exude instrumental maturity, such as their quiet staccato unison sections on standout track “Sempiternal Beings” that suddenly explode into the wildest solo on the album. Their mellow, arpeggiated introduction to closing track “Eyes Of Ebony” immediately transports the listener into a vulnerable headspace, a suitable choice for the most emotionally evocative track on the record, which is dedicated to the memory of Henshall’s late father. And of course, none of this would be possible without the consistently jaw-dropping performances of drummer Ray Hearne, whose metric fu
ckery must be heard to be believed. It always cracks me up how sparser sections of Haken songs, like the intro sequence of “Sempiternal Beings”, are always punctuated by some of his most insane drumming. Nevertheless, he succeeds at all dynamic ranges, sending tracks like “Taurus” or the soaring “Nightingale” into the musical stratosphere.
Not all members of this iteration of Haken are mainstays of the group, as Fauna
marks the return of keyboardist Peter Jones, who last played with the band before they had released a single full-length album. He’s an undeniably talented player who elevates many of these songs to new heights; I’m particularly fond of his Rhodes playing on “Nightingale” and his queasy circus synths on “Elephants Never Forget”. However, Haken’s decision to feature him so prominently sometimes makes him stick out like a sore thumb. Enter single “The Alphabet Of Me”, a throwback to the spirit of Affinity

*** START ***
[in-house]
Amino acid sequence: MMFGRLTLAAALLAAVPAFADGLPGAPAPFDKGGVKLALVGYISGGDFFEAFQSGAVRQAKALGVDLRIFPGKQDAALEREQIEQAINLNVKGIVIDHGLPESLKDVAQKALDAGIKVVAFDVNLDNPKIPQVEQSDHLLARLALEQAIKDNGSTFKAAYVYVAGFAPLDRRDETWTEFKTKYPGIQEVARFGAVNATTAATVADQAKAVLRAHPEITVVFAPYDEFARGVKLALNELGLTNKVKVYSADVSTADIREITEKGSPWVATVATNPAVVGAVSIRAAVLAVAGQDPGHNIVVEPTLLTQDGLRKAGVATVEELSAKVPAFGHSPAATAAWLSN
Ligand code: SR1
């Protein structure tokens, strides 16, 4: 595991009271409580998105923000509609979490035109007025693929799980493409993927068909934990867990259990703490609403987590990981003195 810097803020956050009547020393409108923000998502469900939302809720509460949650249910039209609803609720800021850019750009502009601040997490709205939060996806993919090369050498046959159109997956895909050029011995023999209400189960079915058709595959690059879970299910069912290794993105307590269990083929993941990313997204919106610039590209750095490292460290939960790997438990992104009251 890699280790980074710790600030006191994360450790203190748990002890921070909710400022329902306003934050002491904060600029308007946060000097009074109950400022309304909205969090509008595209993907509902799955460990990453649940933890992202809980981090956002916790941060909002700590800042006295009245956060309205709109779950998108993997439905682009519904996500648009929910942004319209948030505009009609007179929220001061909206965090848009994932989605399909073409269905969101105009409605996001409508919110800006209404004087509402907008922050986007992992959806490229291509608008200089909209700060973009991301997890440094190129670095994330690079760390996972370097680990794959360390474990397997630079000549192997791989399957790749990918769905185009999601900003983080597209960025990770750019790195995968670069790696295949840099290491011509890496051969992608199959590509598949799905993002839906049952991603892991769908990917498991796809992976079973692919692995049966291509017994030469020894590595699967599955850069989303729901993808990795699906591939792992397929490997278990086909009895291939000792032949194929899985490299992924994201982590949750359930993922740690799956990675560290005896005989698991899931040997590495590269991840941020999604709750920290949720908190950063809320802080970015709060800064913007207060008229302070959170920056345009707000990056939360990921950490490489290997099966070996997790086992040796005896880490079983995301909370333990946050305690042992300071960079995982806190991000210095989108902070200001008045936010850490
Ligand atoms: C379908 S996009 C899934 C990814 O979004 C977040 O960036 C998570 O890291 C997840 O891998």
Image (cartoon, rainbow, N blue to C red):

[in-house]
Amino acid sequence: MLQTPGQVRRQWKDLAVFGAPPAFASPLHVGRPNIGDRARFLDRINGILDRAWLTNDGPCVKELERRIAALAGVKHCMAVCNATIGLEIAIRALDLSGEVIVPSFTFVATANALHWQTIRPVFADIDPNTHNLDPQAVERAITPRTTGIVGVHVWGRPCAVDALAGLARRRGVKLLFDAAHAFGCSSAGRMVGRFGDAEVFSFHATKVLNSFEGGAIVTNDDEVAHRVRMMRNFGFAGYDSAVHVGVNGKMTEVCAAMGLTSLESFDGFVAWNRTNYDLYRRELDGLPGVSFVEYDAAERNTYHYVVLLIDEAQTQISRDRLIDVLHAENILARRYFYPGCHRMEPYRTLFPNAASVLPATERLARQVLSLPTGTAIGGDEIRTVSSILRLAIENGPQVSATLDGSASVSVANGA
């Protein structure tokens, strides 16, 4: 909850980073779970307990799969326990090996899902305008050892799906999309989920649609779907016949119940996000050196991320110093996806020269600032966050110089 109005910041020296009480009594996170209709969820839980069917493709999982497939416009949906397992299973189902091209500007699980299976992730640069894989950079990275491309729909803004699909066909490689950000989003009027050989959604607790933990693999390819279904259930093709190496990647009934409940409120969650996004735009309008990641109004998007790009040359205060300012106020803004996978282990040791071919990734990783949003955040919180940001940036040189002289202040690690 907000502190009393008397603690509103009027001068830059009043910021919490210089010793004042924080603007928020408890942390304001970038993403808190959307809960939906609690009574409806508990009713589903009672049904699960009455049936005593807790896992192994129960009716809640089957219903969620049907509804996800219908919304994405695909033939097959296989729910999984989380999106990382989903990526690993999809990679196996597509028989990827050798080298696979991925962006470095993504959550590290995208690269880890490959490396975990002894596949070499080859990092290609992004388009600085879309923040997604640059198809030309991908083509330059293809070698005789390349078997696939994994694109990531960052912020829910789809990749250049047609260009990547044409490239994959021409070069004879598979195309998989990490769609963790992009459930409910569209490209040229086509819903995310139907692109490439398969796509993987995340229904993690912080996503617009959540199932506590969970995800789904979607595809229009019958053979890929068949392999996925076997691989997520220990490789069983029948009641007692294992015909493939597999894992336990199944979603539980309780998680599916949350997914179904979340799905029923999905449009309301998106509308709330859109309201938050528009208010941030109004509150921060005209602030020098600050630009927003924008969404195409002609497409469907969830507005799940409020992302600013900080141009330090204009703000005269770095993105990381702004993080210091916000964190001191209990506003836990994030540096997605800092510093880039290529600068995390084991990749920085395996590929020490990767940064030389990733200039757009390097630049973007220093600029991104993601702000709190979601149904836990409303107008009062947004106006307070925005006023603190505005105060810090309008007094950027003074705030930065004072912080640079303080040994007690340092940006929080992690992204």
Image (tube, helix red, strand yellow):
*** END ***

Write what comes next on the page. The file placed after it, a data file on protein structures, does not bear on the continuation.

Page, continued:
that features its bouncy EDM keyboard front and center in the worst way. If you haven’t heard it yet, imagine if Calvin Harris accidentally changed the length of every single measure in his Ableton session before he bounced it, and then continued his foibles by emailing the track to an Englishman named Ross Jennings instead of Rihanna with the subject line “thoughts?? ;))”. It’s made even cheesier by its hollow and cliched lyricism; I’ve never thought of Haken as a particularly strong lyrical band, and even with the fauna theme, they’re hit or miss here. There are some big winners, like the stirring “Eyes Of Ebony”, but “The Alphabet Of Me” and the incredibly corny “Lovebite” completely miss the boat, although “Lovebite” fares better than “Alphabet” due to its strong instrumentals.
These strong instrumentals are exactly why Fauna
succeeds as a whole, and why Haken will continue to succeed as a band for years to come. No offense to Jennings, whose improvement as a performer is self-evident, but this will always be Haken’s draw; sometimes you just want to hear some Berklee-ass musicians throw down some 11/8-ass riffs and juxtapose them against some badass polyrhythms. There are some occasional stumbles throughout the tracklist, but Haken’s songwriting and arrangement skills take these bursts of technical energy and transform them into compelling musical ideas, and Fauna
can easily be considered another triumph in that department.